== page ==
Hawks Roster Analysis & Keys to A Second Half Run

As the second half begins tonight, the Atlanta Hawks time to make a run as one of the elite teams the Eastern Conference begins NOW!! The Hawks are one of the teams to play at a high level on a consistent basis throughout the season in the East as they’ve done over the last decade. As usual, the NBA has a “prisoner of the moment” team that surges and captures the attention of the league. This season, it’s Atlanta’s Southeastern Division foe, the Washington Wizards; a club that failed to reach the postseason last year and started off terribly this season. 
However, Washington has been on a tear since the new year and has many pundits are picking them to face Cleveland in the Eastern Conference Finals. If the Hawks plan to make a serious run, the most consistent franchise in the Eastern Conference over the last decade will have to make a legitimate run starting tomorrow. The Atlanta Hawks have reached the postseason more than any other franchise in the East since the 2007-2008 season. 

With the trade deadline over and the Hawks adding Ersan Ilyasova to the roster on Wednesday, the Hawks are making a small statement that we will contend . However, despite the possible addition of another piece; the Hawks need everyone on the roster to step up and contribute. Here’s a look at every player on the roster, their contribution, and how they will be called upon to make a bigger impact in our final 26 games. 
Player Analysis 
1.    Paul Millsap 
Points Per Game: (18.0) Rebounds Per Game: (8.0) Assists Per Game: (3.8)

Millsap is a top 20 player in the NBA and his four consecutive NBA All-Star Appearance speaks volumes to that and also he’s one of the league’s most underrated players at the Power Forward position. Paul his carrying the load nightly and it sometimes
feels as if he’s doing it alone. So how can he possibly improve you ask? Millsap is averaging his best Points Per Game in his tenure with Atlanta, however, at the expense of
his 43% field goal percentage, he’s shooting at his worst clip of his career primarily because his involvement in Atlanta’s offense is the highest since he’s been in a Hawks uniform. If the Hawks players can contribute and not apply pressure on Millsap to post big stats nightly, you will see his percentage rise exponentially as well as the Hawks win total. 

Final stat line prediction:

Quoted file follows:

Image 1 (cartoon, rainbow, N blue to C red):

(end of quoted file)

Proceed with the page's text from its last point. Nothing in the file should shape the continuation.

Points Per Game: 19.0 
Rebounds Per Game: 8.0 
Assists Per Game: 3.8
2.    Dennis Schroder 
Points Per Game: (17.5)  Rebounds Per Game: (3.0) Assist Per Game: (6.3)
Although we’re complete with 2/3 of the NBA season, we are still trying to figure out the type of Point Guard that Schroder will become in the NBA as a first year  starter. At this stage in his career,  I can assure you that he’s still l learning how to be the most effective guard on a nightly basis. Despite the concerns, Dennis has provided the Hawks with all of the things they were looking for at his position and even more to come. As the All-Star Break loomed, he was struggling but that’s expected. The glaring area of concern is his decision-making. Currently, he’s ranked in the bottom tier of the league when it comes to turnovers and you can’t have that as a starter for a playoff roster. If the Hawks are going to soar in the second half, they need Dennis to decision making overall from his shot selection to ball handling skills. 
Final stat line prediction: 

Points Per Game: 17.0 
Rebounds Per Game: 3.0 
Assists Per Game : 7.0
3.    Dwight Howard 
Points Per Game: (13.5) Rebounds Per Game: (13.0) Assists Per Game: (1.2)
Dwight Howard has filled the void that the Hawks were missing in previous teams over the past few seasons, a legitimate big man. A center that takes pride in rebounding and at times you can see a difference in extra possessions that they’ve accumulated. However, Howard is only averaging a little over 13 Points Per Game. I would like for the Hawks need to get him a lot more involved in their offensive game plan because when he’s in a zone, he’s still one of the elite centers in the NBA. During the Hawks national TV victory over the Portland Trailblazers, Shaquille O’Neal stated that Howard must be aggressive when demanding the ball & make it known he wants to score. If the Hawks can provide more production in the paint, this team’s potential is unlimited.